Wastewater is a useful medium for growing lettuce in hydroponic systems

  • Food
  • July 10, 2024

Urban agriculture has the potential to improve food security through local, efficient, and sustainable food production. Examples of urban food systems include hydroponics, which grows plants in a nutrient solution without soil, and aquaponics, which combines hydroponics with fish farming in tanks.

A new study from the University of Illinois Urbana-Champaign explores the use of aquaponics wastewater as a growing medium for lettuce in a hydroponic system. This practice has the potential to create a circular ecosystem for recycling organic waste and food production.

The researchers tested effluent from two aquaponic systems in combination with liquid residue from hydrothermal liquefaction (HTL), an emerging technology that converts wet biomass into biocrude oil through a high-temperature, high-pressure process. HTL produces wastewater called hydrothermal liquefaction aqueous phase (HTL-AP), which is rich in nutrients and has potential as fertilizer.

“We wanted to see if naturally occurring microbes from fish waste in aquaponic systems could help convert the nutrients in HTL-AP into forms that plants can absorb. We focused on using wastewater to germinate lettuce seeds. Ultimately, we will observe different stages of crop growth, including mature lettuce and other crops,” said lead author Liam Reynolds, a doctoral student in the Department of Agricultural and Biological Engineering (ABE), part of the College of Agricultural, Consumer and Environmental Sciences and The Grainger College of Engineering at Illinois.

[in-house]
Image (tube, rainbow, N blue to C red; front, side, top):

Reynolds conducted the research as an undergraduate student in ABE. He won second prize for the paper in the KK Barnes Student Paper Award Competition at the 2023 American Society for Agricultural and Biological Engineers Annual International Meeting in Omaha, NE.

For the study, Reynolds placed Buttercrunch lettuce seeds in Ziploc plastic bags on paper towels soaked in wastewater treatment products for 10 days, and measured the seeds’ germination and growth.

He tested 32 test solutions combining various percentages of HTL-AP with wastewater from aquaponic systems at the U. of I.'s Bevier Café and the Chicago High School for Agricultural Sciences. The tests also included standard hydroponic fertilizers and deionized water as control solutions.

“We have previously shown that it is possible to grow lettuce hydroponically using treated wastewater; however, it does not grow as quickly or effectively as it could. There are probably some toxic substances that hinder plant growth, and there are also not enough nutrients in a form available to plants,” said co-author Paul Davidson, an associate professor at ABE.

In previous studies, Davidson's research team used 2.5% HTL-AP; however, Reynolds tested solutions ranging from 1% to 10%.

“We found that solutions with up to 8% HTL-AP are still viable for plant growth, at least in the germination stage. This is a higher percentage of HTL-AP than anyone has shown before,” Davidson said. “This allows us to recycle a waste stream that would otherwise go to a wastewater treatment plant, consuming resources, or be discharged into the environment and causing pollution.”

While the researchers found no evidence that the fish waste microbes benefited the lettuce during the seed germination stage, they expect to see effects as the lettuce grows. For now, they concluded that a combination of HTL-AP and aquaponic wastewater did not inhibit lettuce seed germination.

Aquaponic effluents could eventually supplement or even replace standard liquid fertilizers, though more work is needed to ensure the right combination of wastewater to provide sufficient nutrition for hydroponic crop production. Davidson’s team will also address food safety concerns, as some sources of wastewater can contain heavy metals that are toxic to humans.

The researchers conclude that identifying alternative sources of nutrients is critical to increase the circularity of global food production systems and reduce reliance on chemical fertilizers derived from fossil fuels.

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